The reason for perhaps its being forgotten is the fact that the story seemed familiar at the time. There was a period when amnesia films were somewhat popular, and Somewhere deals with post war veterans, a subject that by 1946 was already starting to become overly familiar. I recall a short story by Ernest Hemmingway about a returning WWI veteran who took an extra two years to come home, which by that time no one wanted to hear his war stories, everyone was bored of "heroes". The American public may have felt the same way, after all what an easy gimmick, a grenade goes off, and bam amnesia, and there's your mystery. It's denser than that.
John Hodiak was nearly a bad choice for this role. His credits are sparse, he was one of the shipwrecked passengers in Lifeboat, but he works here. His one chance in a feature, and he shines. Makeup makes the film work. He was blown up by a grenade, and had a painful recovery. His face loses the bandage, but he comes equipped with an oh so subtle scar that makes him neither grotesque but reminds us that he was indeed a disabled veteran. This slight touch of realism works for the picture, in a world were people are still knocked out by one punch.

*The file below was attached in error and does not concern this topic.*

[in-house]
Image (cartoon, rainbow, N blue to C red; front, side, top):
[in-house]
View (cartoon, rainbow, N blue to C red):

Richard Conte, a man who seemed to be in every Fox film in the 40's and 50's makes an appearance here, and delivers another perfect turn. He has that quality where he can both be a baffoon and a genius at the same time. A tough edge and a likeable quality if not somewhat flawed. He played this well in Jules Dassin's Thieves Highway, and shines here at his best, in a supporting role.
The love interest, as there must always be a love interest is Nancy Guild who has an instantly recognizable face despite never appearing in a movie I've seen. She has a look that works, and you can see rather early on that she is a girl to fall for, and her presence is neither as the "helpless girl" or the "tough dame". She is a real woman, a rare presence indeed in film noir, neither manipulative or gullible. I love her character, as I love nearly all other aspects of the film.